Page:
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Obama: Abandon all hope if GOP doesn't change

CHICAGO — President Barack Obama returned to the University of Chicago on a mission to encourage law students not to give up on government. But he ended up laying out a near apocalyptic vision of Washington’s future if Republicans don’t confirm his Supreme Court nominee.

Imagine the Democratic payback when they get the chance, he said. And then imagine what the GOP would do in response, predicting that Senate Majority Leader Mitch McConnell would kill the filibuster for Supreme Court nominees if a Republican wins the current presidential election.

And then, he said, whenever there’s a divided government, there will be a freeze on any judicial confirmations, piling up caseloads and destroying any remaining faith Americans have in the judicial system.

Vacancies could last for a president’s full term or more.

“We’ll wait four more years,” Obama predicted, and then it’ll become “just a majoritarian exercise in the Senate of who controls the presidency and who controls the Senate.”

Obama’s opponents were attacking his comments about the Court even before the town hall finished, pointing out that he was an eager participant in the the very judicial obstruction arms race he’s complaining about when he joined the filibuster against Justice Samuel Alito’s confirmation as a senator, and voted against Chief Justice John Roberts.

“It’s hard to take seriously a lesson from Professor Obama on the Supreme Court, when he’d get a failing grade due to his own hypocrisy,” said Brian Rogers, executive director of America Rising Squared in an emailed statement.

“Obama’s Real Message Today: I Was A Phony Then, Not Now,” read a Republican National Committee statement.

And his supporters acknowledged that it’s hard to imagine what Obama could have said Thursday that would change Republican opinions about Merrick Garland, his nominee to fill the court vacancy left by Antonin Scalia’s death.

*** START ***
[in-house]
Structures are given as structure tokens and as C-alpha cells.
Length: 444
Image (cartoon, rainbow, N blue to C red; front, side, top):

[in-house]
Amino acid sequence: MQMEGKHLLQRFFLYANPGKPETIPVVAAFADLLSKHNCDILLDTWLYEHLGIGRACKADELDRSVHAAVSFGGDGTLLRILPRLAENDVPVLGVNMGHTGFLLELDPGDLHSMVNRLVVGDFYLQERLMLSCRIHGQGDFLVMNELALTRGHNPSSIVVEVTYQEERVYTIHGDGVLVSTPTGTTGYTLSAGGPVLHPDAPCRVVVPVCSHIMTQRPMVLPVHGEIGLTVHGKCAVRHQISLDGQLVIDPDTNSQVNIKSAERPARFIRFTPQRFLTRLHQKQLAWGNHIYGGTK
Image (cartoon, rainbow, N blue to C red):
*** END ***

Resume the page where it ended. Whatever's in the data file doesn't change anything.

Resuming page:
“I think the firmament of the Republican Party makes it very hard to move forward on this nomination,” said longtime adviser David Axelrod, who sat in the room for the speech.

So the issue isn’t convincing Republican senators in the near-term, Axelrod said. It’s a broader, longer play over the whole year.

“He’s winning the public relations war,” Axelrod said, predicting that the court fight may make a difference in some states where Republican Senate incumbents are facing competitive races. “The more you churn those waters, and keep that debate in front of the public — I think the people who oppose moving forward on Garland, their hope is that this thing recedes into the background. I think the president’s goal here is to keep it in front of people’s minds.”

The White House, of course, has insisted that the fight isn’t political. Aides have also pushed back on the idea that they’ve made no progress, despite the fact that Republicans are generally holding the line. And while Sen. Lindsey Graham (R-S.C.) reversed his earlier position and agreed to meet with Garland on Thursday, in an announcement that went out while the president was talking, there no indication that Republicans are breaking from McConnell’s vow not to move any pick from Obama.

The political backdrop, though, is impossible to miss — not just as allies begin to gear up for making Republican resistance a central theme of fall election campaigns, but more directly for Obama as well, who was on the home turf of one of his just two Senate Republican allies in the Court fight, the day after endorsing his Democratic opponent, Rep. Tammy Duckworth (D-Ill.). He did invite Sen. Mark Kirk (R-Ill.) on Air Force One for the ride, but Kirk passed.

Thursday morning, Kirk tweeted a photo of a note that he got from Obama following his meeting with Garland.

“Thanks for your fair and responsible treatment of Merrick Garland. It upholds the institutional values of the Senate, and helps preserve the bipartisan ideals of an independent judiciary,” Obama wrote.